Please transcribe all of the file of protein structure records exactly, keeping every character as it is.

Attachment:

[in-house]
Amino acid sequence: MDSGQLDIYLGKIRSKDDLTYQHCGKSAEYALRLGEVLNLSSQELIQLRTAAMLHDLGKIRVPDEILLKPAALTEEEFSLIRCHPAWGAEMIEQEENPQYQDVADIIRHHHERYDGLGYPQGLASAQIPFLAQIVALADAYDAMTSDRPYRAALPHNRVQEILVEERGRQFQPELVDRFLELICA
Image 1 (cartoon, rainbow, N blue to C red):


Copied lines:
[in-house]
Amino acid sequence: MDSGQLDIYLGKIRSKDDLTYQHCGKSAEYALRLGEVLNLSSQELIQLRTAAMLHDLGKIRVPDEILLKPAALTEEEFSLIRCHPAWGAEMIEQEENPQYQDVADIIRHHHERYDGLGYPQGLASAQIPFLAQIVALADAYDAMTSDRPYRAALPHNRVQEILVEERGRQFQPELVDRFLELICA
Image 1 (cartoon, rainbow, N blue to C red):